Peter's compassion is a truly human response but it is a response given according to his fallen nature. Nobody wishes to see a friend suffer and most of us will go to any lengths to avoid it but suffering and how we deal with it is an integral part of what it is to be human because none of us can escape it. As a society, we are terrified of suffering and it is this fear which can be an obstacle to right judgement and an excuse for moral shortcuts. We don't like to be reminded of it and either subconsciously or by design hide it away, particularly when it begins to impinge on our moral sensitivities. Old people are forgotten in nursing homes, the mentally ill are segregated in hospitals, the homeless and destitute are abandoned on the streets. Eventually, we might begin to wonder what we might or should do when quality of life outweighs this suffering and the terminus of such thought is that it is better to end that life. Abortion and euthanasia are frequently justified on the grounds of compassion where individuals are judged to be incapable of attaining a quality of life that outweighs their suffering or the suffering they might cause to others.

Without a salvific understanding of suffering, our fear of it is understandable. It is only Christ's sacrifice on the cross that gives it any meaning and we are called to believe that God allows suffering for a greater good. This purpose may be inscrutable to us we can either trust in God as a loving Father and to make what we can of suffering or give ourselves over to despair. As Saint Pope John Paul II wrote in Salvifici Doloris, "In the Cross of Christ not only is the Redemption accomplished through suffering, but also human suffering itself has been redeemed,. … Every man has his own share in the Redemption. Each one is also called to share in that suffering through which the Redemption was accomplished. He is called to share in that suffering through which all human suffering has also been redeemed. In bringing about the Redemption through suffering, Christ has also raised human suffering to the level of the Redemption. Thus each man, in his suffering, can also become a sharer in the redemptive suffering of Christ." [4]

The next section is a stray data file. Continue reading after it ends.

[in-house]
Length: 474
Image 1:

[1] Mt 16: 16 - 20
[2] Mt 16: 21 - 24
[3] http://www.calledtocommunion.com/2009/08/a-catholic-reflection-on-the-meaning-of-suffering
[4] http://www.vatican.va/holy_father/john_paul_ii/apost_letters/1984/documents/hf_jp-ii_apl_11021984_salvifici-doloris_en.html